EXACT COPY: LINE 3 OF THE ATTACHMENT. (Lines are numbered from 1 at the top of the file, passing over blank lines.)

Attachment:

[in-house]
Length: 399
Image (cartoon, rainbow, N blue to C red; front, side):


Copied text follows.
Image (cartoon, rainbow, N blue to C red; front, side):